Wednesday, November 03, 2010

Sex Geek: against the veto (or, fear by any other name…)

against the veto (or, fear by any other name…)
by Andrea Zanin
Sex Geek

“The only thing we have to fear is fear itself.” – Franklin D. Roosevelt

I’ve been thinking lately about how the first question on everyone’s lips—poly and monogamous alike—when the topic of non-monogamy comes up is, “How do you deal with the jealousy?”

Seriously? I’m so tired of it.

The first reason is because jealousy comes up in every kind of relationship, not just in poly ones. The most incredibly awful jealousy I’ve ever seen has been in my own monogamous relationships. In my experience, poly brings up a whole bunch of stuff for people, and most of it’s not really specific to poly. It’s basically the same stuff that comes up in monogamous relationships, just more intensely and with fewer buffers. If you’re poly, then whatever your particular weakness is, poly will shine an even brighter light on it, and that’s the shape your personal challenge will take; it’s each person’s individual challenge to work through whatever that stuff is. Lots of folks make the mistake of thinking poly is to blame for all that stuff, but really all poly is is a rather unforgiving mirror that causes us to have to face ourselves, and sometimes we don’t like what we see.

At least when you’re non-monogamous you (may) have access to a subculture with tons to say about jealousy management. Jealousy is seen as something to be acknowledged, understood and dealt with – books, websites, conferences and tons of other resources abound. And while I applaud those people who create those resources, and further applaud the people who take advantage of them, I think it makes for a bit of an unfortunate situation: because poly folks actually tackle jealousy head-on by talking about it a lot, it makes it look as though jealousy were the province of the polyamorous, when in fact it’s rampant all over the place. The only difference is that the rest of the world thinks that’s okay.

Which leads me to the second reason I’m so tired of the jealousy question. This one takes a bit more explanation.

Our culture gives enormous weight to jealousy, as though it were both inescapable and agonizing. We attribute such all-reigning power to jealousy that we use it as justification, however contested, for a range of incredibly poor behaviour, including some that’s truly horrific—everything from the cold shoulder to murder.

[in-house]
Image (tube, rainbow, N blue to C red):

The stuff that most often comes up in any relationship is around fear of loss or fear of pain and how we each respond to that. Clamp down and try to control? Pull back and try to escape? Lash out and try to hurt first, or worse, or in revenge? Feel inadequate and try to get reassurance?

That whole package—which is basically a whole lot of variations on “fear”—we call jealousy. That’s one problem. Even the name we use for that package of emotion acts as a mask that tries to protect what’s underneath it. “I’m jealous” is somehow easier or more acceptable to say than “I’m terrified.” Sort of like how “I’m angry” is seen as somehow more powerful than “I’m vulnerable.” This is the product of a messed-up patriarchal culture and messed-up ideas about what’s really powerful, cuz trust me, vulnerability is incredibly strong.

Then we make it worse. We decide that jealousy must be avoided at all costs. Pull out “jealousy” and all of a sudden you have a nicely packaged reason to make your partner do anything you want. Don’t see him more than twice a week or I’ll be jealous. Don’t touch her in front of me or I’ll be jealous. Don’t wear that dress, other men will look at you and that makes me jealous. In short: don’t do anything that triggers my jealousy, and then I won’t be jealous, and then everything will be fine. We will have successfully avoided jealousy.

But if we drop the protective mantle called “jealousy” and we simply talk about “fear” the picture changes. If we instantly saw a demonstration of “jealousy” as simply a high-stress manifestation of fear, it would all of a sudden be a lot less powerful and a lot more vulnerable.

To Read the Rest of the Essay

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